Tuesday, May 15, 2012

How may I pay thee

Today we received a letter from City of Bloomington Utilities, where we get our water. They are changing their billing system.

Great. I've been waiting for paperless statements... Oh, that part isn't ready yet. (But it's coming. Sometime.)

Hmmm.... They are adding the option to use a credit or debit card for one-time online payments. Wonderful! I love having choices. Except that online payments to bank accounts won't be accepted, except through Aqua Pay, their automatic payment option. So really, they aren't adding options, just exchanging them. 

Now, for us, these changes aren't a big deal. So I have to use the debit card number rather than our account number. Or I could sign up for Aqua Pay, because we always have money in our account when the bill comes. But I did note on Twitter: 

So now we can pay our water bill online via credit/debit card but can't via bank account (ACH)? That's not improving, just changing.

Which started a discussion about the unbanked, the minimally banked, and people for whom this is a big deal. Because this could be for some people. And water is not a luxury. It's not like someone who has a problem with the payment options can go somewhere else for their water.

If you are able to pay your bills, if you have a checking account with debit card, and credit cards, you may be asking why this is a big deal. 

First, my experience: I used to work in a credit union. I processed electronic payments, which included credit and debit cards, ATM transactions, Automated Clearing House (ACH*) transactions, and, yes, check clearings. Because checks clear electronically these days. 

It was a fairly small credit union, with about 20 employees. The CFO was my immediate supervisor; I processed payments for the collections side (a 1-person department); the accountant was my backup if I was sick or on vacation. Yep, back office was a whole 3-person department. Which meant I handled my fair share of account closings, as the person responsible for clearing or bouncing checks. 

The lending and member services departments were responsible for credit checks, opening accounts, determining if someone could have a credit or debit card. But I was responsible for letting them know if accounts were regularly overdrawn.

Now, this is probably getting tedious, but I want to show a little bit of what happens behind the scenes at your credit union or bank. Because not everyone has plastic. Not everyone has a checking account.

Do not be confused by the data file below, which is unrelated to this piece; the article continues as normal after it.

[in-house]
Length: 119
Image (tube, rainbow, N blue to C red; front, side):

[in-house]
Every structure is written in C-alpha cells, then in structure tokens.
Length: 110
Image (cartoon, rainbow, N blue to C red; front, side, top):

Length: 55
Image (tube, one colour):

When I tweeted about the changes, it was more just a gripe that they were advertising this as an improvement, which it may end up being, but were not actually increasing the options. And then I got responses. So let me answer some of those responses in more than 140 characters. 

1) Aqua Pay: It's wonderful that Aqua Pay is an option. But consider someone who might not have a credit or debit card. Someone who might barely make ends meet. Having a payment debited from your account automatically isn't always an option - because maybe the money won't be there until the day after, and the return payment fee sure takes a chunk out of that already overdrawn account.

2) Doesn't everyone have a bank account? Actually no. There are actually quite a few people who don't. One reason can be the fees that banks increasingly charge for low balances. If you don't have much money, it's awfully hard to maintain a minimum balance. There are many people who have a poor history. Have you ever seen a notice at a store that checking accounts are verified? Just like the credit bureaus collect information on credit histories, there are companies that collect information on bounced checks (yep, problem accounts get reported). Try opening a checking account if you've had one closed for too many bounced checks. If a bank or credit union does open an account, they probably will require a secured account (which means you need to have extra money to leave in savings to back up your account).

3) Everyone has a credit or debit card! Once again, not everyone does. Many, many people get denied due to poor credit history. Have you paid attention to the news lately? Consider all the people out of work, deeply in debt, declaring bankruptcy. Even if you have a bank account, you may not have a debit card because that increases the risk of being overdrawn. (This doesn't even take into consideration the questionable idea of paying your bills with a credit card, thus increasing your debt.)

4) But you can still mail your check. Ok, yes, you can. You can spend 45 cents on a stamp and mail it in. You can also find time, during business hours, when you are probably working, to take it to the office. Are you working hard, trying to make ends meet? I suppose the price of a stamp isn't too high. It just wasn't something you had to budget for back when you could do an ACH payment from your bank account.

Here's the kicker: the people making these decisions don't have to worry about how to make a payment, so it often doesn't occur to them that there are people for whom this could cause problems. Just like me, the people making the decisions can just shrug and figure they will pay another way. They don't have to think about how they will do it. They don't have to worry about late payments. Sadly, it's all too easy to see the letter through the lens of middle class privilege.

*ACH, or Automated Clearing House, is how payments are made electronically directly to your bank account. Any time you enter your bank account information for a bill to be paid, it most likely is being sent via ACH. Sometimes you may even see a check you have written converted to ACH during processing. 

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